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27th January 2015

Solace statement on health and care reform

On 27th January Labour announced their “10-year plan” for the NHS. This is a statement from Jo Farrar, Solace Spokesperson on Community Wellbeing and Chief Executive of Bath and North East Somerset Council setting out the Society’s views on health and care reform.

We need to secure a cross-party consensus about how we create a radically different future for our health and social care services. That future should be locally based, democratically accountable and fully integrated.

There has been a historic imbalance in spending on health and social care. Ring-fencing health spending in this Parliament has been achieved only by significantly cutting local government budgets. This makes no sense, hitting social care and other critical services that keep people happy, healthy and out of hospital. Any political party setting out a credible long term vision for health and care needs to set out how they will tackle this imbalance. Westminster, Whitehall, and local councils all need to engage honestly with communities and each other to improve public services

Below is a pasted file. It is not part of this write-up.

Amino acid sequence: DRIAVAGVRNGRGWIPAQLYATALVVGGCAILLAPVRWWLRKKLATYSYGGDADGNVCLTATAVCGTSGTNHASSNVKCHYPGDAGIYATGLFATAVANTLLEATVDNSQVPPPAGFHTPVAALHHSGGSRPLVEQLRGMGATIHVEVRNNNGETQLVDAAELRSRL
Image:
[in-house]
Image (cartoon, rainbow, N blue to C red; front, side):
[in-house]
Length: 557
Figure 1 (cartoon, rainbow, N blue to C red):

where we live.

A sustainable health and social care system has local flexibility at its heart. Local flexibility enables a variety of approaches to be used to suit local circumstances, in order to deliver national outcomes. Crucially, local innovation encourages a greater pace of change, better suited to local needs and protects against one-size fits all, nation-wide policy failures. Central targets often produce unhelpful behaviour and put barriers in the way of real reform.

Local flexibility is vital, but to have legitimacy it must be aligned with accountability to local people. Giving local, democratically elected representatives’ accountability will help engage residents and ensure they play their role shaping the change that is required. At Solace we are long-term advocates of integration across health and social care and have supported previous calls for a single health and care budget which is singly commissioned. Democratically elected local councils must play a fundamental role in commissioning if the system is to be personalised, promote independence and prevention and be responsive to local people.